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Magic won’t play Heat because of slippery court
Question of the Day
The Magic couldn’t hold a shootaround practice because of the wet conditions Friday morning, prompting Van Gundy and guard Vince Carter to question the safety of the court that was installed over an NHL ice surface.
The Heat say the NBA has not formally canceled the game yet.
THIS IS A BREAKING NEWS UPDATE. Check back soon for further information. AP’s earlier story is below.
TAMPA, Fla. (AP) _ A slippery court installed over an NHL ice surface severely hampered the Orlando Magic at their shootaround practice before facing the Miami Heat on Friday, prompting Magic coach Stan Van Gundy and guard Vince Carter to question its safety.
Arena workers were confident the problems could be solved by game time.
“The court’s not playable in the condition it’s in right now,” Van Gundy said Friday morning, before the scheduled 7:30 p.m. tip-off. “We’re not going to put people out there to get hurt.”
Instead of practicing, the Magic walked _ literally _ through some sets and did little else during their pre-game workout. The Heat did not have a shootaround scheduled at the home of the NHL’s Tampa Bay Lightning, instead having an early afternoon walkthrough at their hotel.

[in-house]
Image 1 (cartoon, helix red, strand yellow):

“We’ll sometimes do that in hotel ballrooms, which is what I would have done had I known,” Van Gundy said. “I mean, we would have just stayed in the hotel because we literally could not do anything. They had the hockey game last night, the condensation on the floor. It’s awful.”
The Tampa Bay Lightning played in the arena Thursday night, and work was performed overnight to cover the ice surface and install the basketball court. When the Magic arrived to practice Friday morning, the court was still wet and slippery _ though it was unclear if the moisture was from the ice below or the process of cleaning the court _ and the NBA 3-point lines hadn’t been installed.
Workers were on the floor with mops and brooms, and fans were brought in to help circulate air and speed up the drying process.
“It’s like playing on ice right now, literally,” Carter said, watching from the side as a few Magic players did some shooting. After the Magic left, workers returned to the court with mops, both for cleaning and working on slippery areas.
With the regular season starting next week, Carter thought conditions were particularly risky.
“More than anything, the season’s right around the corner,” Carter said. “Do you risk that for whatever reason because the floor’s slightly slippery? I don’t think so.”
Carter and LeBron James have seen this before. A game between their old clubs, the Toronto Raptors and Cleveland Cavaliers, was canceled in October 2003 _ part of James’ rookie preseason tour _ after condensation formed on the court in St. John’s, Newfoundland.
The arena in St. John’s, though much smaller than the one in Tampa, used a similar setup, installing the court over hockey ice. The Tampa arena has hosted basketball several times before, including NCAA men’s tournament games and a women’s Final Four in 2008.
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